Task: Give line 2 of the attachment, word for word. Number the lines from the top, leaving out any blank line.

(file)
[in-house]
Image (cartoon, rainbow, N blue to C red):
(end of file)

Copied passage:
Image (cartoon, rainbow, N blue to C red):